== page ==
How will you use the longest day?
Today is the Summer Solstice, the longest day of the year for us in the northern hemisphere. This is when a planet’s rotational axis is most greatly inclined toward the star that it orbits. So today the earth’s tilt towards the sun will be over 23°. This means that the intense rays of the sun reach the northernmost tip of our planet on that day. And because the northern half of our planet tilts fully toward the sun, the hours of sunlight are the longest on that day and the hours of darkness the shortest.
Our ancient ancestors lived more in harmony with the sun and the moon than many of us do today, and for centuries many have kept the Summer Solstice as a day of feasting and celebration. Those of the Pagan faith still do today. We lived near Stonehenge for a while and I can assure you that it’s a really important day that’s celebrated by many – a kind of summer Christmas for play and giving thanks. Crowds of around 10,000 usually greet the moment dawn breaks with a mixture of cheers and silent meditation. But the pandemic has caused the celebrations at Stonehenge to be cancelled this year. Instead, both tonight’s sunset, and tomorrow’s sunrise behind the Heel Stone, the ancient entrance to the Stone Circle, will be livestreamed via the English Heritage social media channels.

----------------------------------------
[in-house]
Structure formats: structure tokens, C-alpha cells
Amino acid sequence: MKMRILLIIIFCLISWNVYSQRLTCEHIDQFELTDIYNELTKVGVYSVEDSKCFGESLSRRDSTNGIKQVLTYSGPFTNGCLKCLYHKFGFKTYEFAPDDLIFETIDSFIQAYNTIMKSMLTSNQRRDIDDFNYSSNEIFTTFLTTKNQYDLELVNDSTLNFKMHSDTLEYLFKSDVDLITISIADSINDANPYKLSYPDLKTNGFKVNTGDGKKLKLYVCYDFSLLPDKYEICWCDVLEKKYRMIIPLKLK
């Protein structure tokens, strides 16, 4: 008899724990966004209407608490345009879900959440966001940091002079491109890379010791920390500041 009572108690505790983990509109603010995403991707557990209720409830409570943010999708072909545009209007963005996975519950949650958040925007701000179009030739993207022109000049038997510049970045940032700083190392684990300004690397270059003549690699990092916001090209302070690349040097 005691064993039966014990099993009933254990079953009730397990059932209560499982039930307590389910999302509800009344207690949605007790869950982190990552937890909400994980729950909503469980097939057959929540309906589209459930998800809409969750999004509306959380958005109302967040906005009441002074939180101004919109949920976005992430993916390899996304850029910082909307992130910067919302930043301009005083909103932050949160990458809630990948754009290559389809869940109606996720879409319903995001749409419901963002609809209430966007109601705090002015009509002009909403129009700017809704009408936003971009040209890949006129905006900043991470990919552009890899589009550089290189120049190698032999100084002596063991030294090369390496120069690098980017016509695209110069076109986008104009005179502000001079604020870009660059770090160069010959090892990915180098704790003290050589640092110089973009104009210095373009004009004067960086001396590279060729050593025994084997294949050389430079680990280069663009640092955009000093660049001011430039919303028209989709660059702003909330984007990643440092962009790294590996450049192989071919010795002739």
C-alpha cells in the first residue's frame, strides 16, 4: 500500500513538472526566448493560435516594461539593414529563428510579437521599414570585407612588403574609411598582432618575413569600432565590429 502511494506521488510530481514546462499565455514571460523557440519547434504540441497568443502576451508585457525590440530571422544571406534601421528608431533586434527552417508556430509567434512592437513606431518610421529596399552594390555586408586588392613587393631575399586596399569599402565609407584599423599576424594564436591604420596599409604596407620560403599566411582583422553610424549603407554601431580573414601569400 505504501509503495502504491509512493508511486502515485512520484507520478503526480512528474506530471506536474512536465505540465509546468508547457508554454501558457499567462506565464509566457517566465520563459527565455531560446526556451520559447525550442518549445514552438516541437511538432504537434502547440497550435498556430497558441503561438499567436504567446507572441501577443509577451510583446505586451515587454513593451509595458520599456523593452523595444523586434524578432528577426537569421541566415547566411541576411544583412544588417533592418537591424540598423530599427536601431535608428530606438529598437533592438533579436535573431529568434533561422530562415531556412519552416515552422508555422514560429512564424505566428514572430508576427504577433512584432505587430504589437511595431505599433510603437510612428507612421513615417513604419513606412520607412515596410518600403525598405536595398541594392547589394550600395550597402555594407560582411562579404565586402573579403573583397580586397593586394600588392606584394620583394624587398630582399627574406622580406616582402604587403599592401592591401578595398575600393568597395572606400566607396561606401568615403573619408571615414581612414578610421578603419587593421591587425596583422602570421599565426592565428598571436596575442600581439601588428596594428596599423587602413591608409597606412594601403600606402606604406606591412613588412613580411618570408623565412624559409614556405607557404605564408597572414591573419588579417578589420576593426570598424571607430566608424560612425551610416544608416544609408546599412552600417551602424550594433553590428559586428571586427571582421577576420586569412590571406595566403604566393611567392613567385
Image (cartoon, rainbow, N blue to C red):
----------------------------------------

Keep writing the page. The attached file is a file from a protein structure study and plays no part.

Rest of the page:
But whatever we believe or don’t believe about the Summer Solstice, it’s only fitting that we mark this turning point of our planet – that we do something special with the 16 hours and 38 minutes of daylight that we’ll have today. This is more than double the length of the shortest day! The extra hours allow us to do all sorts of things outside – provided, of course, that we stick to lockdown and social distancing rules. I think some are allowed now to have barbecues with certain other people. But if you can’t, or even if you can, why not make a special effort to use the longest day of the year to do something for the environment, to celebrate the goodness of the earth that God created for us all to enjoy. Maybe plan to do some litter picking with your family? Or mow a grass verge or tend some shared space in your neighbourhood? Or, if you can’t get out, why not sign up to support an environmental charity and pledge to support them for the coming year?
But whatever you do, don’t actually be fooled by it being the longest day – in practice, of course, every day has 24 hours – that’s a total of 1440 minutes in which you can do good for others or for the environment every day…….
Photo shows ‘The Green Man’ built at the Amesbury Services on the A303 in readiness for the 2010 Summer Solstice.